The Duncannon Blue Flag Farming & Communities Scheme

Total budget: 550,000 Euro

Main funding sourceRural development 2014-2020 for Operational Groups (in the sense of Art 56 of Reg.1305/2013)
Project typeOperational group
Starting date2018
End date2021

The project aims to contribute to the recovery of the Blue Flag status at Duncannon beach, Co. Wexford

To achieve this goal, the project will pursue the following specific objectives:

Sustainably restore, protect and enhance the quality of the bathing and riverine waters at Duncannon by reducing pollution from rural agricultural and domestic sources whilst also protecting farm incomes;

Develop an effective model for future sustainable management of similar catchments &;

Foster positive relations between the farmers and householders in the catchment area and the local natural landscape, particularly the water environment and associated biodiversity.

The project activities are:

Creating farm-specific ‘Pollution Potential Zone’ (PPZ) plans for each farm.

Providing farmers with a full-time ‘Sustainability Manager’ who will help participant farmers achieve the objectives of the project by guiding them through their PPZ plans and by developing and delivering a number of knowledge exchange initiatives.

Monitoring farm practice change and water quality in the wider catchment area

Creating a local awareness programme for domestic waste water treatment systems &;

Developing community wide engagement with the project with the objective of creating a sense of local ownership, responsibility &; appreciation for the local water environment.

Description of the context of the project: 

The elevated bacteria levels of bathing water quality at Duncannon beach together with the loss of its ‘Blue Flag’ status of environmental excellence in 2007 have had a major impact on the tourism potential of the area. For example, bathing prohibition notices had to be enforced as recent as August 2017, during the week of the Hooked KiteFest, due to excessive levels of Intestinal Enterococci (IE) in the bathing water.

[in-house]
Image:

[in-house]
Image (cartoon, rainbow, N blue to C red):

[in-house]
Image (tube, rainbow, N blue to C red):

Additional information: 

The expected results and practical recommendations of the project are:

Improvement in the bacterial, chemical and ecological quality of the two coastal streams at Duncannon beach.

Improvement in the bathing water quality at Duncannon beach.

A greater sense of local ownership, responsibility and appreciation for the local water environment.

A template for the development of farm-specific pollution potential zone ‘PPZ’ maps and how they could be used as education and engagement tools to show farmers in a simple visual way, the water-quality risks specific to their farms.

Demonstration of a range of innovative and cost-effective farm management practices for water-quality protection.

A template for a water-quality focused, results-based, reward scheme which could be used to improve water-quality in particularly sensitive catchments.

A template for effectively communicating and sharing local water-quality results with the local community and the benefits of same.

A template for establishing local ‘citizen scientist’ groups whereby local community members monitor the quality of their local streams and develop a pollution alert system

Contact person: Wexford County Council

Address: Dr Mairead Shore, Environment Section, Wexford County Council, Carricklawn, Co Wexford Y35 WY93


Phone: 00353 53 9196328

Eoin Kinsella, Sustainability Manager,
Environment Section,
Wexford County Council,
Co. Wexford,
Y35 WY93

Project Team

  • Eoin Kinsella (Sustainability Manager)
  • Dermot Leahy (Agricultural Scientist)
  • Brendan Cooney (Senior Executive Scientist)
  • Gerry Forde (Senior Engineer)
  • Nicholas Rossiter (Senior Executive Engineer)

Operational Group

  • Teagasc advisory – Catherine Colfer , Larry Murphy, Ger Shortle, Kevin A. Brennan, Tom Deane
  • Teagasc Research- David Wall, Eddie Burgess
  • Geoff Barry Agricultural Consultant – Geoff Barry, Red Barry
  • IFA – James Wallace
  • Glanbia- Emma O’Grady
  • Bord Bia- Eleanor Murphy

Leave a Reply